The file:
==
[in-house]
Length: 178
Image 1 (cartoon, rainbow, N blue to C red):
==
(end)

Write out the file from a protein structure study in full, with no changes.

[in-house]
Length: 178
Image 1 (cartoon, rainbow, N blue to C red):